Health Office Information
School Nurse: Kelli Gilbert, RN BSN
- Coronavirus Public Announcement
- Facts on Vaping
- Sports Physicals
- School Physicals
- Medical Concerns
- Energy Drink Advisory
- Husky Health Insurance
- FLU Season
The Gilbert School is closely monitoring the recent outbreak of coronavirus. While there are no reported cases on campus or in this region, The Gilbert School is actively tracking this emerging situation and determining prudent measures of prevention and response. Please know that there are currently no cases of coronavirus in our region or in our school.
As with any other public health concern, The Gilbert School’s response is guided by information from our local, state, national and international health agencies. Currently, experts believe that the coronavirus originated from a live animal and seafood market in the city of Wuhan, China. Healthy, young people are believed to be at less risk for complications from the virus, while people who are immunocompromised or elderly are at greater risk. Information regarding transmission is still emerging, although it is believed that human to human transmission is very likely.
Symptoms of coronavirus include fever, cough, runny nose, headache, and sore throat. Of note, we are currently in the height of the influenza season and many people are experiencing symptoms of influenza which are the same. More serious cases of coronavirus include problems breathing, bronchitis, or pneumonia.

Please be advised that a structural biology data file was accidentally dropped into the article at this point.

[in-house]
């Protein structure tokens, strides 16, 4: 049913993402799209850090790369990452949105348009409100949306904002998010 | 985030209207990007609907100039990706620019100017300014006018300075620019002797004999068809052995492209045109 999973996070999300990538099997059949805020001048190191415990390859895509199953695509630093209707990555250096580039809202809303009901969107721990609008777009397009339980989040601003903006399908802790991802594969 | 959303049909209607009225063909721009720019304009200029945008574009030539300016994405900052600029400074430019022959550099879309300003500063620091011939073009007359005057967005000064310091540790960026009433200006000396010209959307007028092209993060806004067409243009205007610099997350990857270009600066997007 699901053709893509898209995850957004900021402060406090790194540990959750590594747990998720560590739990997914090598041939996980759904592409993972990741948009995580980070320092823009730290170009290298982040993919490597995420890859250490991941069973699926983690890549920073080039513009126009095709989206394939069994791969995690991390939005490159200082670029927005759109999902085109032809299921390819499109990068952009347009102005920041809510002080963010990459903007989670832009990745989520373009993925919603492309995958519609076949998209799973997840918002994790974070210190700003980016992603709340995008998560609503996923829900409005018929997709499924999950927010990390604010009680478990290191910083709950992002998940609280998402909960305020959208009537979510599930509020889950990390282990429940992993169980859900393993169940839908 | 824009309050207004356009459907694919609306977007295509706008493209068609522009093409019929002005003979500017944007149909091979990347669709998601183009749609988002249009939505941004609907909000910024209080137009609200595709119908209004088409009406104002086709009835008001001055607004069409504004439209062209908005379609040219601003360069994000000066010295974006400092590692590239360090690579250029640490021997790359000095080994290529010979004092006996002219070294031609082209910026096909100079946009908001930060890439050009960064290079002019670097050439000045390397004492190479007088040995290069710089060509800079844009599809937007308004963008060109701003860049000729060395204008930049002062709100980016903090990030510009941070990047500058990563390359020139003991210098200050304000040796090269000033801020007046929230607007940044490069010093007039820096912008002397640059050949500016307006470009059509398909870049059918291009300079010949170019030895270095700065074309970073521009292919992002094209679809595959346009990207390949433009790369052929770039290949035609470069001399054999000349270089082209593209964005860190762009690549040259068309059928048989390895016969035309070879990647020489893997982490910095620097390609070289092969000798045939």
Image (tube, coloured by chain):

Preventative measures to prevent influenza or the coronavirus include:
Covering your mouth when coughing or sneezing
Frequent hand washing with soap and water
If you are unable to wash your hands, use hand sanitizer
Avoid close contact with people who are sick
People who are sick should not come to school
Maintain good personal hygiene-avoid touching face/nose/mouth/eyes
See a doctor if you are not feeling well
Do not travel if you are sick.
If you have been diagnosed with influenza, please do not return to school until you are 24 hours fever free.
If you have additional concerns, please do not hesitate to reach out to Kelli Gilbert, Student Health Services at email@example.com or 860 379 8521.
As of January 2020, 51 people in Connecticut have been hospitalized due to lung injury from vaping. 23 of which were under the age of 25!
IT IS IMPORTANT TO KNOW THE FACTS!
The brain continues to develop until your mid twenties. Nicotine is highly addictive and can affect or impair the brain’s development.
One Juul pod can contain as much nicotine as 20 cigarettes.
In addition to Nicotine, other chemicals found in the vapor of tobacco delivery systems include:
Heavy metals (such as nickel, tin, and/or lead)
Diacetyl (a flavoring compound linked to serious lung disease)
Acrolein (an herbicide used to kill weeds)
- Formaldehyde (a product of the degradation of propylene glycol and glycerol vapor and is a carcinogen)
More than 1 in 4 high schoolers vaped in 2019, an increase of 32% from 2018.
More than half of students in middle and high school that used e-cigarettes said they had tried to quit in the past.
More than 90,000 Teens and young adults have enrolled in the “This is Quitting” program, an e-cigarette quitting program from Truth Initiative.
Vapes and Marijuana
Brands, like Pax Era, produce devices that resemble USB drives and are used to deliver marijuana products. There are others designed to look like metered dose inhalers, the type of inhaler often carried by people with asthma.